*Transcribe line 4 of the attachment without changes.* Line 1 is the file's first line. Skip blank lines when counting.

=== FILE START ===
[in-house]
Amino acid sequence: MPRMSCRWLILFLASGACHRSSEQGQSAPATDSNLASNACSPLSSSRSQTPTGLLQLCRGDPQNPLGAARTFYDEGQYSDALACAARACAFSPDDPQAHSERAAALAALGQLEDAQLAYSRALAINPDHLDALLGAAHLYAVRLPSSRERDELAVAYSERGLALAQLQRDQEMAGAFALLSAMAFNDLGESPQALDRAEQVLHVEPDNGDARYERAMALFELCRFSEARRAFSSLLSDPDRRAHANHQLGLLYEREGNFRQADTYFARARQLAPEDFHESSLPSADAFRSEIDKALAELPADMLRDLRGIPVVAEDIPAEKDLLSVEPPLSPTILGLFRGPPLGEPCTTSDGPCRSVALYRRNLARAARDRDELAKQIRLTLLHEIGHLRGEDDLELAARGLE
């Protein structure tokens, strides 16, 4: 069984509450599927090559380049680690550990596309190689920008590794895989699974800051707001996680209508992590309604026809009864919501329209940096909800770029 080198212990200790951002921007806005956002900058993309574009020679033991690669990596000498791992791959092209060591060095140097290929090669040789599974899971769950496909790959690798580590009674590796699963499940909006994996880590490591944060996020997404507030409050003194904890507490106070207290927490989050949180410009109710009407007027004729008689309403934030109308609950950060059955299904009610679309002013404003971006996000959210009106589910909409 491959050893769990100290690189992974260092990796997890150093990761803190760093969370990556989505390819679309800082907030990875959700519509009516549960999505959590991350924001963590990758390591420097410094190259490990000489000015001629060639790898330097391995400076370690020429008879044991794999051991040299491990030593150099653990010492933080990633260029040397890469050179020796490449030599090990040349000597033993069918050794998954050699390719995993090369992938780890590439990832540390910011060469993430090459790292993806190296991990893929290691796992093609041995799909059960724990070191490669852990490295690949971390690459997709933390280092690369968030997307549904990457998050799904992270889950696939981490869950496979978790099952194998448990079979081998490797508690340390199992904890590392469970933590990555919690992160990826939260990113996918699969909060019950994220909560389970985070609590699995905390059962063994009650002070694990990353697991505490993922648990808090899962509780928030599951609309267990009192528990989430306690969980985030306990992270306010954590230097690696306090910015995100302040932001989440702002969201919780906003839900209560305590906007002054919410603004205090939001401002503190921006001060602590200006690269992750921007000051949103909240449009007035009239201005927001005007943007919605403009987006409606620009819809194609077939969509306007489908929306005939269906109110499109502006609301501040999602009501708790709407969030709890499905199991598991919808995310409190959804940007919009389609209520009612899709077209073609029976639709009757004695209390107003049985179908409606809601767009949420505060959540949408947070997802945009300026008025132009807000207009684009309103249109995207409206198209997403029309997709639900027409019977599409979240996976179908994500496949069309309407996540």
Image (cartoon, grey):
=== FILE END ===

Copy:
Image (cartoon, grey):